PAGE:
5 February 2019
Electricity from wind or sun is clean but, by its nature, pretty dependent on the weather. If we are to keep the lights burning in the course of the energy turnaround, the electricity grid of the future will need to be able to respond with flexibility to these fluctuations. To do so, it will need information about electricity generation and the consumption of individual households. Markus Bartsch from TÜViT explains the role to be played here by smart meter gateways, why their security is so crucial, and what makes them so unique internationally.
What is a smart meter gateway?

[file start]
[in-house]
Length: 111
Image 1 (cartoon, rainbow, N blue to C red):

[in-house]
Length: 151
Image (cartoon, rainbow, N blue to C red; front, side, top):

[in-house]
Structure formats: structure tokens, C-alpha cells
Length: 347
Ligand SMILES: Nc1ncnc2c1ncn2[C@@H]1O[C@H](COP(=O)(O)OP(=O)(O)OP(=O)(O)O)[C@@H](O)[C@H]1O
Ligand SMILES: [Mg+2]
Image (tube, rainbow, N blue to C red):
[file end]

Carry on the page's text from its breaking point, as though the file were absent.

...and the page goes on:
Because an EU directive dictates that 80 percent of households must be equipped with smart meters in every Member State, the law on the digitisation of the energy turnaround includes clauses on smart metering. In Germany we’re using the technology known as the smart meter gateway. This is a communication unit that connects the measurement systems for household electricity meters, shortly also to be followed by gas meters, with the provider of the measuring points. They can provide unfalsifiable energy data in a way that satisfies measuring device calibration law and which can also be used for the scaling of the smart grid. The gateways that are currently under development are primarily going to be used to provide information to users and for billing purposes. The first gateway of its kind was certified at the end of 2018 by the Federal Ministry for Security in Information Technology (BSI) on the basis of an evaluation carried out byTÜViT. The legally binding rollout will start as soon as three gateways have been evaluated and certified, which, from our perspective, can take place before the year is out. Households with an electricity consumption of more than 10,000 kWh will then be required to be equipped with these devices, to be followed as a next step by all households whose consumption is in excess of 6,000 kWh.